Tuesday, November 23, 2010
International Shellfish Restoration Conference Rocks---- $1000 Grant from Siemens Caring Hands Foundation
Second, we were surprised to see that we knew many people and they were aware of MOP’s work. One person whose name was mentioned favorably in several contexts was Island Creek Oysters founder Skip Bennet. The Island Creek Foundation has been actively supporting an exciting initiative to grow shellfish in
. How he found time for this as well as opening the Island Creek Oyster Bar is beyond me! Tanzania
Third, we learned a great deal- Two presentations stand out.
Professor Lisa Kellogg of the University of Maryland Center for Environmental Studies has done excellent work on oysters and nitrogen removal. Nitrogen is a major pollutant in human waste that is linked to harmful algae blooms. My cryptic notes indicate that areas with oysters are 5-8 x more effective at nitrogen removal and that a one acre oyster reef process 1.9 pounds more of nitrogen than areas without oysters. When factoring in nitrogen sequestration in the shells, it could be much more.
Professor Kellogg also presented data on how oyster reefs add to the animal life and it can be more than 10X greater on an oyster reef. This confirms our observations that oyster reefs serve as hosts to a variety of desirable species including shrimp, small fisth, crabs, eels and lobsters. These small fish in turn draw the larger fish who feed on them.
Professor Mark Green of
St. Joseph’s College in provided some valuable insights on the acidity of the silt-water interface in harbor bottoms. His team measured several areas including Maine . Looking at the pH measure of acidity it can be below the 7.6 level which is the minimum for oysters to form more shell. Interestingly the addition of oyster shell in the silt can raise it from 7.1 to 7.8. So oysters can impact their environment favorably. Boston Harbor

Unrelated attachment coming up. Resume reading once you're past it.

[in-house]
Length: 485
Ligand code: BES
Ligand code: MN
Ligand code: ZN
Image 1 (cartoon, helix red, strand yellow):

Professor Green’s information is interesting when we think of MOP’s work as we have seen some interesting outcomes in the growth of our oysters. The oysters in cages suspended in the water column grew best. The cages on the bottom grew slower with those closest to silted areas having the slowest growth. Could it be acidity related? We don’t know. But we are designing experiments to find out.
We were happy to learn that a foundation affiliated with the global conglomerate has made a grant to Siemens. The company is a leader in medical technology, industrial automation and renewable energy including windpower. To learn more about the many programs funded by the organization you can click on Siemens Caring Hands Foundation.
Thursday, November 18, 2010
Large Chesapeake Oyster- International Shellfish Restoration Conference- Laptop Tour of the Mystic River
Old Oyster Offers Hope for Species in
Mike Deal shows off the unusually large oyster that he pulled out of the
. (Pamela A. D'angelo) Rappahannock River
From an article in the Washington Post
A large oyster nine inch oyster that Mike Deal, above, pulled out of the
dwarfed the three- to four-inchers all around it. Deal said it was the largest oyster he had seen in his 30 years as a waterman. Rappahannock River
Oysters are struggling to survive in the Chesapeake Bay's polluted waters and tributaries such as the